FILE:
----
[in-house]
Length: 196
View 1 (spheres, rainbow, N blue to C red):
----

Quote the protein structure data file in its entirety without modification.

[in-house]
Length: 196
View 1 (spheres, rainbow, N blue to C red):